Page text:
Thoughts on the Incarnation of Jesus

Charles Cottle —


Manger scene of Jesus' in the stable
The Birth of Jesus

On Christmas day, 2015, there appeared in the New York Times an essay entitled, “The Christmas Revolution” by Peter Wehner. In the essay Wehner presents a provocative set of observations about the incarnation of Jesus. It is Wehner’s view that Jesus’ birth was a revolutionary event, not only for those reasons that are well known, but also for reasons seldom discussed. I encourage you to read the essay. In the meantime, I have summarized the main points below.

  • The incarnation is the source of much of the humanistic tradition.
  • The incarnation rejected the Platonic notion that the material world was evil.
  • “The incarnation also reveals that the divine principle governing the universe is a radical commitment to the dignity and worth of every person. . . .”
  • From the point immediately above flows our “entire democratic inheritance.”
  • From the dignity and worth of each individual we derive the Christian compassion for the poor and for the practice of charity. Jesus’ example of how he treated the poor and outcast was radical for his time and ultimately created the concern for the poor as a cultural given.
  • Just as God places “inestimable” value on human life, “regardless of social status, wealth, and worldly achievements, intelligence or national origin,” so should we.

I cannot speak to each of these points, but I would like to make the following observations. First, I think it is a stretch to say that Plato and his followers thought the material world “evil,” as Wehner suggests. In my understanding, Plato’s doctrine of forms argued that reality was found in the world of ideas, as the things in this world were copies of them. This is not to say that the material world was evil, but rather less perfect than the ideas that gave rise to them.

Second, in my own religious background, it was the flesh that was evil. Piety consisted in resisting the temptations of the flesh. One might suggest that this view is more a product of culture rather than religion, but it seems to me in this case that culture and religion are so tightly woven as to be inseparable.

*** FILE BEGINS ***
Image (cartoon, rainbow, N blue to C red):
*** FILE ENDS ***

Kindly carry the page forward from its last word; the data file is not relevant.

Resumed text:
Finally, Wehner’s suggestion that the humanistic tradition flows from the incarnation of Jesus is provocative. This is the first time I have encountered the connection between the two. Most often I have encountered the view that humanism is a turning away from God as it is centered in human, rather than divine, concerns.

I find the topics raised by Wehner’s essay to be interesting and worthy of discussion. If you have views on this or related topics, I invite you to share them.

One thought on “Thoughts on the Incarnation of Jesus

  1. Interesting! Thanks for this link. My education in the history of religious belief is limited to popular-press books and fascinating discussions with my theology PhD candidate niece, so I was hesitant to take issue with Mr. Wehner–until I found his online biography. I can now say: He’s full of s***.

    I shouldn’t be flippant; I take religion and spirituality very seriously, but that’s all the more reason I have little patience with right-wing politicos who use–distort–religion to advance their very un-Christian agenda. Here’s the about page for the Ethics and Public Policy Center:
    It looks to me like a fairly typical billionaire-funded right-wing think tank, with a uniquely religious design.
    Wehner’s own education and career have had nothing to do with religion and everything to do with right-wing politics. (

    With that out of the way: